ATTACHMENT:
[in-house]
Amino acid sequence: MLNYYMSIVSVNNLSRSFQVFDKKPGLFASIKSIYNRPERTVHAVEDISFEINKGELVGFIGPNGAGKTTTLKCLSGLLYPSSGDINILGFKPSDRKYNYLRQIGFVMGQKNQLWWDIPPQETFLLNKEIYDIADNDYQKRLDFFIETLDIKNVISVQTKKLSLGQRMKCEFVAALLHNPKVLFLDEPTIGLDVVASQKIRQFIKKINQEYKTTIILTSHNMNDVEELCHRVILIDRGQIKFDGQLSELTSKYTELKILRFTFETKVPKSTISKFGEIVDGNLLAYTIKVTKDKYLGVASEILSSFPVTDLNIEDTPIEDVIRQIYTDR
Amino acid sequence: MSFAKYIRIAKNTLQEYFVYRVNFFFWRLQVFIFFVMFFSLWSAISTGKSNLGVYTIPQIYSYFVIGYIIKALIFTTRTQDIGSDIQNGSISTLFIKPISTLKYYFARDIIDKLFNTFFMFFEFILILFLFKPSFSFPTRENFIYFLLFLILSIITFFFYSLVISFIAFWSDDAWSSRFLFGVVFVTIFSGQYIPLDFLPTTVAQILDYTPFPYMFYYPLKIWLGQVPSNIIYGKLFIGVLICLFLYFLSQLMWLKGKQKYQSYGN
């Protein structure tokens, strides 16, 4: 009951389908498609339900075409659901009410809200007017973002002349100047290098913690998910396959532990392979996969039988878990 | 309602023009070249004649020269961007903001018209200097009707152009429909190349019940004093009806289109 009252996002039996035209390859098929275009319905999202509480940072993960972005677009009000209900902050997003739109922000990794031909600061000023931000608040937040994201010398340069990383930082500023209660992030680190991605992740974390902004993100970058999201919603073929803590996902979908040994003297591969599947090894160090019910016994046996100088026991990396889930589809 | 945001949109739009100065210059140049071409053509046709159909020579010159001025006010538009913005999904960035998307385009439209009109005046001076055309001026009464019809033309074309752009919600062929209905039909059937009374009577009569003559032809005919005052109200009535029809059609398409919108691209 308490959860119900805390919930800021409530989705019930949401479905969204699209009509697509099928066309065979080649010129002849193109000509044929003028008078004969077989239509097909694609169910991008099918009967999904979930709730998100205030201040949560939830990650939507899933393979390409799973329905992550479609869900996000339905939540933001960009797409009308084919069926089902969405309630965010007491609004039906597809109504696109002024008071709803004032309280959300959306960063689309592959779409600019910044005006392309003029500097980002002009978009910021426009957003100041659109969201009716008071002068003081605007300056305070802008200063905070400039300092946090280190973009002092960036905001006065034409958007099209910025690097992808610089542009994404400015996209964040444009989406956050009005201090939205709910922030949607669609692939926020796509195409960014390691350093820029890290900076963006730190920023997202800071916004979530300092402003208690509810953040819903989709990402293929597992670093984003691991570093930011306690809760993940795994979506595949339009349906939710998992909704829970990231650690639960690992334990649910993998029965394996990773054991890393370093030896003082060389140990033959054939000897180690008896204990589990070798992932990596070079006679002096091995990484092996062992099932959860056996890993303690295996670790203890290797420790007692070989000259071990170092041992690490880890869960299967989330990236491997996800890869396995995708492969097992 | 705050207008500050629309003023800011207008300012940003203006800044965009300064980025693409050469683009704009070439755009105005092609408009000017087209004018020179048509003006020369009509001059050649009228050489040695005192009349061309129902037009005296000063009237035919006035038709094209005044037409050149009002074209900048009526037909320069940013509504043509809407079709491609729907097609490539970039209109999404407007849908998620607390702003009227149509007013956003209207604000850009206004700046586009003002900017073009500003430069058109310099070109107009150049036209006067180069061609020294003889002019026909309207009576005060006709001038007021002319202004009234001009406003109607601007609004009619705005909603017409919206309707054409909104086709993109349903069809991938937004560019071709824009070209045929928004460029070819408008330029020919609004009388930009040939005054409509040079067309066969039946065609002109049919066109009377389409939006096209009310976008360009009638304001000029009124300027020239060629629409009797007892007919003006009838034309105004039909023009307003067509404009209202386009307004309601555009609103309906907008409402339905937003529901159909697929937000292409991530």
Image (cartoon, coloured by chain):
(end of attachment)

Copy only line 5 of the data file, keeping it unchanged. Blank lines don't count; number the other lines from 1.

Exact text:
Image (cartoon, coloured by chain):